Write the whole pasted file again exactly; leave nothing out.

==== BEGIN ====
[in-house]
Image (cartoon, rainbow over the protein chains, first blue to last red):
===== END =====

[in-house]
Image (cartoon, rainbow over the protein chains, first blue to last red):